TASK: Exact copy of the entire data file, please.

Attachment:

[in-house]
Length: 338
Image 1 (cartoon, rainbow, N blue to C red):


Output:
[in-house]
Length: 338
Image 1 (cartoon, rainbow, N blue to C red):